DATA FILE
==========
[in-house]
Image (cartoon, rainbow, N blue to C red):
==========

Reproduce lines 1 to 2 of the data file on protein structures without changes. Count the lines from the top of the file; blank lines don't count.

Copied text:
[in-house]
Image (cartoon, rainbow, N blue to C red):